Before you go
A checklist of the most important things you need to do and pack before your trip to Thailand.
Passport: Is it up to date? It must be valid for at least six months from your date of entry into Thailand.
Visa requirements: Do you have a return or onward ticket within 30 days of entry?
Vaccinations: Have you checked which shots you may need?
Travel insurance: Are you covered?
Safety: Have you registered your travel plans with smartraveller and checked the latest
safety advice on the region you're travelling to?
- Money: Have you told your bank you're going overseas and do you know how you'll be paying for things in Thailand?
- Booking: Have you booked accommodation for at least the first night?
Transport: Do you know how you'll get from the airport to your accommodation?
- Getting around: Do you know how you'll get around, and do you need to pre-book any tickets?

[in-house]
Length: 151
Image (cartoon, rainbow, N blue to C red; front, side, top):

Driving: If you're planning on driving a car or motorcycle, do you have the appropriate international licence, the appropriate travel insurance,
and are you familiar with the local road rules?
Phone: Have you switched off data roaming and voicemail? If you're planning to use a local or travel SIM, is your phone unlocked?
Apps: Have you downloaded offline maps, travel apps or the CHOICE Thailand travel guide onto your mobile?
Medication (see below): Have you checked that your regular medication is legal to bring into Thailand?
Thailand has very strict drug laws. A number of medications available in Australia, including some cold and flu drugs, strong painkillers and medication
used to treat ADHD, are classed as narcotics or psychotropic substances under Thai law. If you're in any doubt, check with the Thai embassy. The Food and Drug Administration of Thailand has a list of controlled substances, some of which may be allowed into the country if you follow the correct procedures.
No matter where you travel, you should carry all medications (even vitamins) in their original packaging, along with their original prescription. It's also
a good idea to carry a letter from your doctor explaining what the medications are (using generic names),what they're for and dosage instructions.